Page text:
The Biggest Myth in Building a Learning Culture


“The millennial generation requires belonging to an organization where a strong learning culture is present.” 

It’s common knowledge employees increasingly value a workplace that nurtures learning. Employees want to work in an organization where there is time for self-discovery, time for reflection, debate and thought. They want their potential nurtured, and efforts recognized.  On all of this we can agree.  What I can’t agree with, is that having a culture of learning within an organization is because of a “new generational requirement.”

Question –  Did we all go to sleep in 1990 and wake up in 2014 thinking only millennials require a learning culture? And herein lies the myth – that organizational culture, learning or otherwise is a requirement only of certain generations.  I’m here to tell you that if you are basing your learning strategy on what millennials want – you will fail. There are a lot of people out there making A LOT of money informing organizations that unless they address the “Millennial” population they will soon be at a tipping point of talent drain. I don’t begrudge people who sincerely believe that addressing a subset of the working population will lead to organizational success, I’m sure they mean well. However, let’s deal with reality.

The reality is, everyone – EVERYONE, wants to be part of a business which values knowledge and learning.  

Generation quote

Those organizations who don’t value knowledge share have deeper issues, trust me. This not about a millennial base, this is about people and once you start building your learning strategy in the silo of generations, you are on the path to failure. To this point, I take issue with the term of “building” a learning culture. In my opinion, it’s not about building it’s about nurturing. Let’s review the definition of culture:  In short, culture is about everyday actions. Actions you don’t think about, behaviors which are ingrained in the environment, hard-wired into our heads – it’s the way we naturally do things. Having a learning culture means people are naturally, as part of their everyday work life, seeking out information; naturally looking to self-discovery, investigating mistakes and failures and learning from them. That, my friends, is a learning culture, and it has absolutely nothing to do with the year in which you were born. If you can tell me there is a process for developing a learning culture just targeted for millennials as opposed to Baby Boomers and the like, I’m listening. Seriously.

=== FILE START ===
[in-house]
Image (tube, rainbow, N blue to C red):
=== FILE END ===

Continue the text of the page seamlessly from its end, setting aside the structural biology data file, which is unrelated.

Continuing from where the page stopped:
Here are Learning Rebel benchmarks for supporting a culture of learning within any workforce:

  1. Make learning part of the organization’s strategic success, learning as a strategic thrust platform.
  2. Encourage a “Show Your Work” environment making work educational. Knowledge sharing should be a daily organizational habit.
  3. An organization which allows for mistakes, and at times celebrates them is one with a healthy learning culture. Mistakes are valuable sources of learning, and leaders should intentionally allow mistakes in select situations to challenge deeply held assumptions.
  4. Make nurturing learning part and parcel of leadership. Leadership should be willing to take ownership of the overall learning culture and is not assigned to just HR or L&D.
  5. Organizations can use onboarding programs to encourage employees to take personal responsibility for learning and also to demonstrate their commitment to development.
  6. Empower employees to listen, speak the truth, make decisions, and control their environment, without which organizations fail to learn.

Now take these same benchmarks and insert the word millennial.
 Example: “For millennials, make learning part of the organization’s strategic success, learning as a strategic thrust platform.”  Sounds ridiculous doesn’t it? Are we so arrogant to assume that Boomers, Gen X’ers, Gen Y’s, and other generations, do not have a need for improvement or somehow they are lacking the inquiring minds millennials have? Isn’t it time we take generations and supposed generational needs out of HR and L&D conversations? Aren’t you tired of being put in a generational box? I am.

Key is understanding not what generations require out of a learning organization, but what PEOPLE require out of organizations, period.

nurture1 As I said at the beginning of this post, if as a business, you are searching for a way to “build” a learning culture you have deeper issues. There is no “building” without nurturing and this requires transparency, trust, commitment, accountability, and the ability to question and debate. If your workplace is not set up to support these core values then perhaps that’s where you first need to start.  If those values are not addressed, count on losing talent and know it will have nothing to do with generations, or whether or not your organization has a culture of learning. It will have everything to do with the strong possibility of your organization being dysfunctional.  Forget nurturing, it’s time to pull some weeds!